The Golden Quadrilateral: India’s First Modern Highway Network
Author: Bob Rupani
Publisher: Rupani Media
Price: Rs 1,950
Describing the Delhi to Kolkata leg of the Golden Quadrilateral — India’s first modern highway network — Bob Rupani rolls back to the 16th century Afghan ruler, Sher Shah Suri, who built the medieval version of the ancient Grand Trunk Road. “Kos Minars (mile pillars) constructed by the ruler can still be found on this stretch,” the author, who is also a noted auto journalist, writes. Rupani’s latest book is as much about history as it is about geography. It is also about culture. The description of the Delhi-Kolkata stretch takes the reader through very different cultures — Vedic, Mughal, gun, farming, driving and Bengali.
The Golden Quadrilateral highway network linking Delhi, Kolkata, Chennai and Mumbai comprises 5,846-km of divided (having a central verge) four or six-lane roads. It is the largest highway project in India and the fifth-longest network in the world. The massive project began in 2001, by 2005, two-thirds of the work was completed and the project ended in 2012. The author notes that when he drove on it in 2015, it was almost all finished, with work on in some places to convert four lanes to six.The Kolkata to Chennai section describes the unspoilt beauty of Odisha and coastal Andhra Pradesh. This region with pristine beaches, dense forests and a whole lot of culture remains largely untapped as far as tourism is concerned.
There are two chapters by Gautam Sen, another noted auto journalist. One follows the Chennai to Mumbai stretch of the highway, and the other is an interesting section titled ‘The Times They have Changed’. Over a few pages, Sen takes the reader through India’s automotive history, from the Ambassador to Fiat to the Maruti stable. It is supported by an invaluable set of black and white photos of roads, people and cars, from the 1950s to the 1980s.
For the last leg of the Quadrilateral, from Mumbai to Delhi, Rupani takes the wheel. Throughout the book, the text is interspersed with beautiful photos of roads, traffic, people, monuments, nature and wildlife. This does interrupt the flow of the text, but then, one wouldn’t get the whole picture without the photos. Regrettably, the road trips are not logged for time and distance. Enthusiasts might want to go on these journeys, following in Rupani’s treadmarks. A journey time-line would have helped.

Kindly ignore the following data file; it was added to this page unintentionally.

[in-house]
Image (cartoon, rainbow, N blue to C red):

The author’s introduction has a lot of data on the road transport sector. It also talks about the challenges one faces driving on Indian roads. Rupani writes, “Most Indians are still to learn how to drive on a divided highway.” As an auto journalist, I have driven on numerous sections of the Golden Quadrilateral, in parts and over the years, and I fully endorse his observation. Another interesting observation is how STD booths and milestones have all but disappeared from the Golden Quadrilateral. The foreword by R C Bhargava, chairman of Maruti Suzuki India Ltd (the author travelled the Golden Quadrilateral in Maruti vehicles), is informative. Among other things, it emphasises the importance of infrastructure for economic and social development — a highway represents economic development, but it is also a major tool for national integration. By means of this instrumentality, a book on the Golden Quadrilateral is not only about progress. It also touches upon the eternal verities of Indian culture and society.
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